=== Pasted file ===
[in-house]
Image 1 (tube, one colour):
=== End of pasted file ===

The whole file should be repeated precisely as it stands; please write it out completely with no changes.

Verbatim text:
[in-house]
Image 1 (tube, one colour):